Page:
Surfactants can be included in the photographic emulsion layers and other structural layers of the photosensitive materials of this invention for various purposes, for example, as coating aids, as antistatic agents, for improving slip properties, for emulsification and dispersion purposes, to prevent sticking, and for improving photographic characteristics (for example, for accelerating development, increasing contrast, and increasing speed).

For example, use can be made of non-ionic surfactants such as saponin (steroid based), alkyleneoxide derivatives (for example, polyethyleneglycol, polyethyleneglycol/polypropyleneglycol condensates, polyethyleneglycol alkyl ethers or polyethyleneglycol alkyl aryl ethers, polyethyleneglycol esters, polyethyleneglycol sorbitane esters, polyalkyleneglycol alkylamides or amides, and polyethyleneoxide adducts of silicones), glycidol derivatives (for example, alkenylsuccinic acid polyglyceride and alkylphenol polyglyceride), fatty acid esters of polyhydric alcohols and sugar alkyl esters; anionic surfactants which contain acid groups, such as carboxyl groups, sulfo groups, phospho groups, sulfate ester groups, phosphate ester groups, for example, alkylcarboxylates, alkylsulfonates, alkylbenzenesulfonates, alkylnaphthalenesulfonates, alkyl sulfate esters, alkyl phosphate esters, N-acyl-N-alkyltaurines, sulfosuccinic acid esters, sulfoalkylpolyoxyethylenealkylphenyl ethers and polyoxyethylenealkyl phosphate esters; amphoteric surfactants such as amino acids, aminoalkylsulfonic acids, aminoalkyl sulfate or phosphate esters, alkylbetaines and amine oxides; and cationic surfactants, such as alkylamines, aliphatic or aromatic quaternary ammonium salts, heterocyclic quaternary ammonium salts such as pyridinium salts and imidazolium salts, and sulfonium or phosphonium salts which contain an aliphatic or heterocyclic ring. The use of the polyoxyethylene based surfactants from among these surfactants, and of fluorine based surfactants, is especially desirable. The polyoxyethylene based surfactants of this invention are preferably added to the photosensitive emulsion layers of the photographic material, but they can be added to non-photosensitive layers.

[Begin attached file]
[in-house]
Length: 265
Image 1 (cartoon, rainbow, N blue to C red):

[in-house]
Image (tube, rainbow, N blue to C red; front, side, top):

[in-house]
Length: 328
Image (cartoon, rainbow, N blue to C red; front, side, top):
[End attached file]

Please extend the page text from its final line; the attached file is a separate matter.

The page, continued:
Polymeric hardening agents which are fast to diffusion as disclosed, for example, in JP-A-56-142524, and low molecular weight hardening agents such as those indicated below can be used as hardening agents. Typical examples include mucochloric acid, mucobromic acid, formaldehyde, dimethylolurea, trimethylolmelamine, glyoxal, 2,3-dihydroxy-5-methyl 1,4-dioxane and aldehydes such as glutaraldehyde; active vinyl compounds such as divinylsulfone, methylenebismaleimide, 5-acetyl-1,3-diacryloyl-hexahydro- s-triazine, 1,3,5-triacryloylhexahydro-s-triazine, 1,3,5-trivinylsulfonyl-hexahydro-s-triazine, bis(vinylsulfonylmethyl)ether, 1,3-bis(vinylsulfonyl)-2-propanol and 1,3-bis(vinylsulfonylacetylamido)propane; active halogen compounds such as 2,4-dichloro-6-hydroxy-s-triazine.sodium salt, 2,4-dichloro-6-methoxy-s-triazine, 2,4-dichloro-6-(4-sulfoanilion)-S-triazine.sodium salt, 2,4-dichloro-6-(2-sulfoethylamino)-s-triazine and N,N'-bis(2-chloroethylcarbamoyl)piperazine; epoxy based compounds such as bis(2,3-epoxypropyl)methylpropylammonium p-toluenesulfonate; ethylimine based compounds such as 2,4,6-triethylimino-s-triazine, methanesulfonic acid ester based compounds such as 1,2-di(methanesulfoxy)ethane; carbodiimido compounds such as dicyclohexylcarbondiimide; iso-oxazole based compounds such as 2,5-dimethylisooxazole perchlorate; and inorganic based compounds such as chrome alum and chromium acetate.

Among these compounds, those which have a vinylsulfone group and the active halogen compounds are preferred.

The photographic emulsions used in the invention can be spectrally sensitized with methine dyes or by other means. The dyes which can be used for this purpose include cyanine dyes, merocyanine dyes, complex cyanine dyes, complex merocyanine dyes, holopolar hemioxonol dyes. Dyes from among the cyanine dyes, merocyanine dyes and complex merocyanine dyes are especially useful. These dyes may have any of the nuclei normally used in cyanine dyes as the basic heterocyclic nucleus. That is to say, a pyrroline nucleus, oxazoline nucleus, thiazoline nucleus, pyrrole nucleus, oxazole nucleus, thiazole nucleus, selenazole nucleus, imidazole nucleus, tetrazole nucleus or a pyridine nucleus, a nucleus obtained by condensing an aliphatic hydrocarbyl ring with these nuclei, or a nucleus obtained by condensing an aromatic hydrocarbyl ring with these nuclei, for example an indolenine nucleus, benzindoledine nucleus, indole nucleus, benzoxazole oxazolenucleus, naphthoxazole nucleus, benzothiazole nucleus, naphthothiazole nucleus, benzoselenazole nucleus, benzimidazole nucleus or a quinoline nucleus can be used. These nuclei may also be substituted on the carbon atoms.